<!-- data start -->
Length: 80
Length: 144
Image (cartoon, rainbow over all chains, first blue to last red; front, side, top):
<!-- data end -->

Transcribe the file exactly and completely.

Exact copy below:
Length: 80
Length: 144
Image (cartoon, rainbow over all chains, first blue to last red; front, side, top):